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Tales From The Shark Files

The Megamouth Specialist: Dr. Jose Castro Discusses His Rare Expertise  

Megamouth shark.

Megamouth sharks are one of the most elusive shark species in the world. Since their discovery in 1976, megamouths have been documented between 50 and 60 times; yet only a handful of specimens are on diplay at aquariums.

Exceeded in size only by whale sharks and basking sharks, the large megamouth shark uses its wide jaws to filter for plankton in the deep-sea. Recently, biologist Dr. Jose Castro of NOAA Fisheries had a unique opportunity to help dissect a rare megamouth shark on display at the Okinawa Churaumi Aquarium in Japan. More...

 

Sitting Down With a Teacher At Sea  

Teacher at Sea, Jennifer Daftari, with a tiger shark.

In its 22nd year, the Teacher at Sea program has provided more than 600 teachers hands-on marine research experiences varying from fish surveys in Alaska to tidal research in the Indian Ocean. Upon return, the teachers bring their greater understanding and excitement back to the classroom, giving their students a glimpse into a scientific world that is otherwise inaccessible.

To get a better idea of how these new teachers will bring this experience into their classrooms, we spent some time with an alumni from the 2011 class, Jennifer Daftari. Daftari, a 5th grade teacher at Jay Public School in Jay, Oklahoma traveled aboard NOAA’s Oregon II for two weeks surveying sharks in the Gulf of Mexico. More...
 

Voices from the Waterfront: Meet Shark Fisherman Mark Sampson   

 
Fishermen aboard the Fish Finder tag and release a thresher shark for research. (Credit: Mark Sampson) .
Mark Sampson, a charter fishing captain who specializes in shark fishing trips and runs an annual shark fishing tournament. Sampson owns and operates a 40-foot charter boat, the Fish Finder in Ocean City, Maryland.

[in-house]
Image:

Long before it was fashionable, Sampson promoted sustainable shark fishing and encouraged the catch and live release of sharks. He recently sat down to talk about sustainable shark fishing and NOAA’s new program that encourages fishermen to log information about their live releases of shortfin mako sharks. More...

A Day in the Life of a Basking Shark

Basking shark.

Have you ever stopped to think about your daily routine? Maybe you start your day with a big breakfast, or a jog through the neighborhood.  Most sharks have routines, too. But a basking shark’s day is anything but ordinary.

When the Southwest Fisheries Science Center first initiated a study on basking sharks off the coast of California a year ago, they were not sure what they would find. More...
 

 

Scientists, Anglers Collaborate to Prevent Thresher Shark Tailspin There's An App For That 


Recreational thresher shark fishing.

The nearshore waters off the Southern California coast are a well known hot spot for the common thresher shark, a recreational fishing favorite with a uniquely long whip-like tail that can weigh more than 500 pounds. Its tail, in fact, is exactly why the thresher is now in the center of a ethical fishing dilemma and the reason why anglers and scientists are working together to change the way they are caught. 

In the United States, commercial harvest of the thresher is a federally regulated industry, but recreational fishing for this shark is not. Since the thresher is a challenging fish to catch, this shark has been growing in popularity with recreational anglers in the last 10 years. More...

 

"There's An App For That" 


Mako App.

NOAA Fisheries' Atlantic Highly Migratory Species Management Division released an app for Andriod phones that allows anglers to share information about catching and releasing shortfin mako sharks. 

The "Release Mako" application was designed using Google App Inventor, and it is the very first federal government tool of its kind. Using the Release Mako app, anglers can now report live releases of shortfin mako sharks in real-time simply by using their Android mobile devices. 

The app uses GPS to fill in location coordinates on shortfin mako live releases and submits information via email by fishermen, quite literally putting their mako on the map. More...